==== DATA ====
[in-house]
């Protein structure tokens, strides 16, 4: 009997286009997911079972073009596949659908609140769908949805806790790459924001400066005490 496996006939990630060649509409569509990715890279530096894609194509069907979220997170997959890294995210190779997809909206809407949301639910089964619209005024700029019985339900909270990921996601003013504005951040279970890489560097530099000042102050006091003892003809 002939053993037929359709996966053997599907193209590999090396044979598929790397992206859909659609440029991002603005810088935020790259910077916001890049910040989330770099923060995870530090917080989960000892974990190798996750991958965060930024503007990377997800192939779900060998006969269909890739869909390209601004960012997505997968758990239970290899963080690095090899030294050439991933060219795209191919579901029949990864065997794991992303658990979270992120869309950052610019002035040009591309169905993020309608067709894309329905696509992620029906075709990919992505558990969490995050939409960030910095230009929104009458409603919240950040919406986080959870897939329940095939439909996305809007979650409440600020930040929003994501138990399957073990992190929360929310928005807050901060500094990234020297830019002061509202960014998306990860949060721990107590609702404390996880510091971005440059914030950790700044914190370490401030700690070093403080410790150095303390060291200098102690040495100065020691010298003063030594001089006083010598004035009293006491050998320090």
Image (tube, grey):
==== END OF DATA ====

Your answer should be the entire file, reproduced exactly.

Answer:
[in-house]
């Protein structure tokens, strides 16, 4: 009997286009997911079972073009596949659908609140769908949805806790790459924001400066005490 496996006939990630060649509409569509990715890279530096894609194509069907979220997170997959890294995210190779997809909206809407949301639910089964619209005024700029019985339900909270990921996601003013504005951040279970890489560097530099000042102050006091003892003809 002939053993037929359709996966053997599907193209590999090396044979598929790397992206859909659609440029991002603005810088935020790259910077916001890049910040989330770099923060995870530090917080989960000892974990190798996750991958965060930024503007990377997800192939779900060998006969269909890739869909390209601004960012997505997968758990239970290899963080690095090899030294050439991933060219795209191919579901029949990864065997794991992303658990979270992120869309950052610019002035040009591309169905993020309608067709894309329905696509992620029906075709990919992505558990969490995050939409960030910095230009929104009458409603919240950040919406986080959870897939329940095939439909996305809007979650409440600020930040929003994501138990399957073990992190929360929310928005807050901060500094990234020297830019002061509202960014998306990860949060721990107590609702404390996880510091971005440059914030950790700044914190370490401030700690070093403080410790150095303390060291200098102690040495100065020691010298003063030594001089006083010598004035009293006491050998320090």
Image (tube, grey):